“This is a man’s work. And I don’t care how you get it done. Fatherhood.” We dare you to listen through to the last line of this spoken word poem and not get the chills.
Comedian Anthony Griffith got up on stage at the Aspen Comedy Arts Festival and silenced the room… but it wasn’t an awkward silence.
Dave Harris addresses a father’s “worst nightmare.”
The origin of his family name, steeped in struggle, blood and triumph, inspires Joshua Nguyen.
Men and boys worldwide are caught in cycles and storms that leave us speaking to one another in a language of violence.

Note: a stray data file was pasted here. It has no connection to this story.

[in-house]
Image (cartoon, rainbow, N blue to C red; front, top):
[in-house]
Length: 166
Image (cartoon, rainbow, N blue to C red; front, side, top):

Our story starts: We were here.
Taylor Mali answers back.
Carlos Andrés Gómez and Adam Falkner’s poem about the swirling messages about violence and sexuality in modern manhood.
Marshall is worth watching not just for the idea behind his poem, but for the wonderful wordplay throughout.
Let’s reframe the idea of political correctness to be less about censorship and more about choosing to not use needlessly hurtful language.
Carlos Andrés Gómez is on a mission to reclaim the phrase “man up” to reflect all the best things about masculinity today.
Slam poetry by Carlos Andrés Gómez and Jeanann Verlee explores the complications modern couples experience as a generation who grew up surrounded mostly by divorced families.
“Education is the miracle. I’m just the worker. I’m a teacher. And that’s what we do.”
Katie Makkai, a veteran poetry slammer defines the word “pretty”.
A spoken word poem by 2-time National Poetry Slam champion, activist and social justice educator Guante.
“Feel free to raise your voice, and keep a riot in your heart.”